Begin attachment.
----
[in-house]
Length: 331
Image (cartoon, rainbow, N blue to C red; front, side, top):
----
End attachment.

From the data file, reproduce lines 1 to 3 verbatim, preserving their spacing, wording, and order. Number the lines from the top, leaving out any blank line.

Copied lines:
[in-house]
Length: 331
Image (cartoon, rainbow, N blue to C red; front, side, top):